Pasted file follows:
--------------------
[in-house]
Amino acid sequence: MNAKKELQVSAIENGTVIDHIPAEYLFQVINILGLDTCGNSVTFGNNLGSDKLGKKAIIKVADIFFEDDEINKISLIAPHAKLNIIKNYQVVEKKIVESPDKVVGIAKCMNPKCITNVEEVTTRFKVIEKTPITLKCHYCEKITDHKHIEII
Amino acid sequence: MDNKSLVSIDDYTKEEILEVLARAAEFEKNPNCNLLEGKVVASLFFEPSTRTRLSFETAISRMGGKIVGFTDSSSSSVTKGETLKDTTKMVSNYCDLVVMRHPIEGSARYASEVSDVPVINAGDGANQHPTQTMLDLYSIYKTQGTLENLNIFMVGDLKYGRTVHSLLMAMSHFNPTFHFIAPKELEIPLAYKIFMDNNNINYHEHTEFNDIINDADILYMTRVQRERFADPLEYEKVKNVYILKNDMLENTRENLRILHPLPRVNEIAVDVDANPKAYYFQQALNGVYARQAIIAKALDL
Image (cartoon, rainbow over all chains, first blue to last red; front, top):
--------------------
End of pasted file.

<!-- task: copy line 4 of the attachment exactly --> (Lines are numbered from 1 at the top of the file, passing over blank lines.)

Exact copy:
Image (cartoon, rainbow over all chains, first blue to last red; front, top):